Five years ago, it was reported that hedge fund Perry Capital had purchased shares of Mylan Laboratories allegedly to influence the shareholder vote in Mylan’s pending takeover of King Pharmaceuticals while entering into total return swaps that eliminated Perry’s economic risk of owning a large portion of the shares it owned. The SEC criticized the strategy as “vote buying” because the combined share and swap position gave Perry voting rights but no equity risk. Last week, Perry agreed to pay a $150,000 penalty to settle SEC charges that it failed to disclose its purchases on a timely basis pursuant to Section 13(d) of the Exchange Act.
If the merger was completed, Perry stood to profit through an arbitrage strategy involving purchasing Mylan’s stock and shorting King’s stock. In addition, Perry purchased close to 10% of Mylan’s total outstanding shares allegedly in order to vote the shares in favor of the merger, while simultaneously entering into swap transactions to hedge away its economic risk on most of its Mylan shares while retaining voting rights on those shares.
While Perry ultimately filed a Schedule 13D disclosing its Mylan stake, it did so more than two months after it had acquired more than 5% of Mylan’s outstanding shares. The SEC found that Perry’s failure to disclose its purchases on Schedule 13D within 10 days of crossing the 5% threshold violated Section 13(d) and Rule 13d-1 thereunder.
Perry argued that in lieu of making a Schedule 13D filing, it was permitted under Rule 13d-1(b) to file a shorter Schedule 13G within 45 days after the end of the calendar year in which the 5% threshold was crossed. A Schedule 13G filing is available to specified institutional investors who (1) acquired securities “in the ordinary course of [their] business,” and (2) “not with the purpose nor with the effect of changing or influencing the control of the issuer, nor in connection with or as a participant in any transaction having such purpose or effect. . . .” The SEC concluded that it was inappropriate to rely “on Rule 13d-1(b)(1)(i) based on the ‘ordinary course of business’ provision” because Perry had purchased the shares to acquire voting rights and for the “exclusive purpose” of influencing the outcome of the vote. According to the SEC order, Perry’s total return swaps evidenced this “exclusive purpose” since, as a result of the swaps, “Perry’s acquisition of Mylan shares was not made in order to invest in, or profit from, ownership of the Mylan shares.” The SEC explained:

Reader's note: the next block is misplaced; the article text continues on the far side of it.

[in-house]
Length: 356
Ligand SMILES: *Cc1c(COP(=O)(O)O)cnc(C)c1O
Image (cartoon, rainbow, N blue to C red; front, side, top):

When institutional investors acquire, directly or indirectly, the beneficial ownership of securities with the purpose of influencing the management or direction of the issuer or affecting or influencing the outcome of a transaction – such as acquiring securities, or an interest in securities, for the purpose of voting those securities in favor of a merger – the acquisition of those securities cannot be said to be in the “ordinary course of [the institutional investor’s] business . . . .”
Because the SEC focused on the “ordinary course” prong of Rule 13d-1(b), the SEC order does not directly address whether an investor in similar circumstances would have been eligible to report its ownership on Schedule 13G pursuant to Rule 13d-1(c) within 10 days of the end of the month in which the 5% beneficial ownership threshold was crossed. Rule 13d-1(c) requires the passive investor intent of Rule 13d-1(b) but is not limited to institutional investors who are acting in the ordinary course of business.
Although the SEC has long been concerned with practices that it characterizes as “vote buying” or “empty voting,” its decision in this case does not reach the merits of Perry’s strategy. Because shareholder voting is governed primarily by state law, the SEC’s main tool in regulating empty voting is to require more disclosure. Notably, the $150,000 penalty is modest compared to the millions in profits or losses that Perry had placed at risk on the closing of the Mylan/King merger. In the past few years, the SEC has said that it intends to address empty voting through regulatory changes to ensure that investors’ interests are protected. Within the past year, particularly on the heels of the CSX decision, the SEC has also indicated it would re-examine Section 13(d) requirements with respect to stakes held through derivative instruments such as total return swaps. Pending such reform, investors engaged in non-traditional ownership and voting arrangements should proceed with caution when considering whether Schedule 13D disclosure is necessary.
See In re Perry Corp., Securities Exchange Act Release No. 60351, Investment Advisers Act Release No. 2907 (July 21, 2009).